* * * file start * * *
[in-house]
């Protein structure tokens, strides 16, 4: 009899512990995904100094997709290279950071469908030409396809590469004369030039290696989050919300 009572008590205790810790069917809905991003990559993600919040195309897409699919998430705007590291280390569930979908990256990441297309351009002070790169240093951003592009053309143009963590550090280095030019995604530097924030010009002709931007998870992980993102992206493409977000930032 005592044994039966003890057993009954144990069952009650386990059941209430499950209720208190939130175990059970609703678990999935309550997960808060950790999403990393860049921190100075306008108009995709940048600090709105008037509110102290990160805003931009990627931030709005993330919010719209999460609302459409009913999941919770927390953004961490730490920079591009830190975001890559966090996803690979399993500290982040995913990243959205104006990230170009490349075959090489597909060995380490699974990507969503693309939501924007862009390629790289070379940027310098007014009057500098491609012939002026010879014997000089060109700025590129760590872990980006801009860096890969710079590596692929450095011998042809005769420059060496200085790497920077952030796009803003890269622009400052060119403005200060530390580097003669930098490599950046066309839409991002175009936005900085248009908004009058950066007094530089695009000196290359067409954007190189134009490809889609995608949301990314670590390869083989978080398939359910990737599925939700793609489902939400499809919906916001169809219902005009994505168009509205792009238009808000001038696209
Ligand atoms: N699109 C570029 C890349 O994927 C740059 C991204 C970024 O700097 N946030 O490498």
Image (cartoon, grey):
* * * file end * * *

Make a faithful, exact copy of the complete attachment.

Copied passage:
[in-house]
């Protein structure tokens, strides 16, 4: 009899512990995904100094997709290279950071469908030409396809590469004369030039290696989050919300 009572008590205790810790069917809905991003990559993600919040195309897409699919998430705007590291280390569930979908990256990441297309351009002070790169240093951003592009053309143009963590550090280095030019995604530097924030010009002709931007998870992980993102992206493409977000930032 005592044994039966003890057993009954144990069952009650386990059941209430499950209720208190939130175990059970609703678990999935309550997960808060950790999403990393860049921190100075306008108009995709940048600090709105008037509110102290990160805003931009990627931030709005993330919010719209999460609302459409009913999941919770927390953004961490730490920079591009830190975001890559966090996803690979399993500290982040995913990243959205104006990230170009490349075959090489597909060995380490699974990507969503693309939501924007862009390629790289070379940027310098007014009057500098491609012939002026010879014997000089060109700025590129760590872990980006801009860096890969710079590596692929450095011998042809005769420059060496200085790497920077952030796009803003890269622009400052060119403005200060530390580097003669930098490599950046066309839409991002175009936005900085248009908004009058950066007094530089695009000196290359067409954007190189134009490809889609995608949301990314670590390869083989978080398939359910990737599925939700793609489902939400499809919906916001169809219902005009994505168009509205792009238009808000001038696209
Ligand atoms: N699109 C570029 C890349 O994927 C740059 C991204 C970024 O700097 N946030 O490498």
Image (cartoon, grey):